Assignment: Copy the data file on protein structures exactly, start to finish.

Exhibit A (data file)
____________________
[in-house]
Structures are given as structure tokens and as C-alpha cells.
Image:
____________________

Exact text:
[in-house]
Structures are given as structure tokens and as C-alpha cells.
Image: